Advent of Code 2019 day 6

December 07, 2019 in #advent of code #haskell

This one turned out to be much simpler than I first thought. A brief reading of the task description had me thinking about trees of nested orbits and trying to fold over them to find all the orbits. But it turns out that all you need to know is how to go from a satellite to its primary.

I store that information in a Map, which I build using a fold over the list of orbits, inserting each satellite-primary pair as I go.

-- from satellite to primary
type Orbits = M.Map String String

buildOrbits :: [(String, String)] -> Orbits
buildOrbits = foldl' addOrbit M.empty

addOrbit :: Orbits -> (String, String) -> Orbits
addOrbit orbits (primary, satellite) = M.insert satellite primary orbits

Part 1

Counting the direct and indirect orbits for a single satellite is 1, plus the number of orbits available from its primary.

orbitCount :: Orbits -> String -> Int
orbitCount orbits here
    | here `M.member` orbits = 1 + (orbitCount orbits (orbits!here))
    | otherwise = 0

If you do that for all the satellites, you get the total number of orbits.

part1 :: Orbits -> Int
part1 orbits = sum $ map (orbitCount orbits) $ M.keys orbits

Part 2

You could do this with a graph-search algorithm. But given that the set of orbits is a tree, an easier way to do it is

  1. Find all the steps from YOU to the common primary, COM.
  2. Find all the steps from SAN to COM.

Those two paths will meet at some point and be identical from there onwards. Say they meet at SWI, the switching planet. To move from YOU to SAN, you follow the path from YOU to COM until you get to SWI, then the reversed path from SAN to SWI.

You can find the distinct parts of each transfer path with the difference operation. And as you only need the number of steps, you only need the sizes of the paths. That means you can treat the paths as a Set of primaries visited. Because SWI is common to both paths, it will be excluded from the distinct parts, so the sets will be too small; but that's fixed by including the direct primary of YOU and SAN in their respective paths.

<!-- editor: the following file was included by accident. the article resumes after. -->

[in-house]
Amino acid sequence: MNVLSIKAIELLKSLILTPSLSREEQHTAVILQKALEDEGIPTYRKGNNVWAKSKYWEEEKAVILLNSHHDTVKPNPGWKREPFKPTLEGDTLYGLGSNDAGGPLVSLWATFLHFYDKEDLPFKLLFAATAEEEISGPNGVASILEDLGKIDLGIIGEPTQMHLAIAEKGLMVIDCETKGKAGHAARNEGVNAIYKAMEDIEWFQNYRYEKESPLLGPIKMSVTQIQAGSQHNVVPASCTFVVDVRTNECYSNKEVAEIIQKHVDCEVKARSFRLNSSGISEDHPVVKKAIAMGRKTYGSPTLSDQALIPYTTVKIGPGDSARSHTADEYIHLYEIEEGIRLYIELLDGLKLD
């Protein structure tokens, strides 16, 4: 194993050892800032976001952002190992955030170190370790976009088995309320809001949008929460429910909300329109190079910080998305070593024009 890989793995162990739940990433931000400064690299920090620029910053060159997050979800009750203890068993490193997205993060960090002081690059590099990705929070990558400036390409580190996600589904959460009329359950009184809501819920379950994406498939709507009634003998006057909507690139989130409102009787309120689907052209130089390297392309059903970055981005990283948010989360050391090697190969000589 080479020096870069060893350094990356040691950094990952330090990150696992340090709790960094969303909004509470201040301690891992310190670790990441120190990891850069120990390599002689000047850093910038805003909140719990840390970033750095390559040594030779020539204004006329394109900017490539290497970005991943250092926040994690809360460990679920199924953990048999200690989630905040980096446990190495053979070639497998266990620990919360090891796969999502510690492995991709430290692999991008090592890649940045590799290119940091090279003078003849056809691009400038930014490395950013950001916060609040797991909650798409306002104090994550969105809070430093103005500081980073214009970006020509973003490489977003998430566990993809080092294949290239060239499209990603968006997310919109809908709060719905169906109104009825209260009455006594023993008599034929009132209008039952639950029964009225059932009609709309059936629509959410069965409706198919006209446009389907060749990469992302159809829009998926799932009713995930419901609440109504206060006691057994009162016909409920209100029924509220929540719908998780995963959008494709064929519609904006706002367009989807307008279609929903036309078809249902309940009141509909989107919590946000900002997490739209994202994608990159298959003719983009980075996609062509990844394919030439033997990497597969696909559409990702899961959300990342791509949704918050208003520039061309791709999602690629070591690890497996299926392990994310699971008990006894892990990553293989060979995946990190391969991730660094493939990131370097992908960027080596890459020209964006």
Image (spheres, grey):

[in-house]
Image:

And here's the code. transferSteps finds all the primaries visited going from a satellite to COM.

transferSteps :: Orbits -> Transfers -> String -> Transfers
transferSteps orbits transfers here
    | here `M.member` orbits = transferSteps orbits transfers' there
    | otherwise = transfers'
    where there = orbits!here
          transfers' = S.insert here transfers

The code for part2 finds the two paths, finds the distinct parts of them, finds the sizes of those parts, and returns the sum.

part2 :: Orbits -> Int
part2 orbits = youDist + sanDist
    where youTrans = transferSteps orbits S.empty (orbits!"YOU")
          sanTrans = transferSteps orbits S.empty (orbits!"SAN")
          onlyYou = youTrans \\ sanTrans
          onlySan = sanTrans \\ youTrans
          youDist = S.size onlyYou
          sanDist = S.size onlySan  

(There's an alternative implementation that uses a Map to keep track of the explicit distances to each step on the path, and then finding the maximal value of distance in the disjoint paths. But for this particular instance, the Set method is simpler.)

Code

The full solution is on Gitweb (and Github).

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